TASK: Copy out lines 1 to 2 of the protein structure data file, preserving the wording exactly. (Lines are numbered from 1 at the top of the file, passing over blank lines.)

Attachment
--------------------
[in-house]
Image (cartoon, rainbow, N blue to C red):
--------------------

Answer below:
[in-house]
Image (cartoon, rainbow, N blue to C red):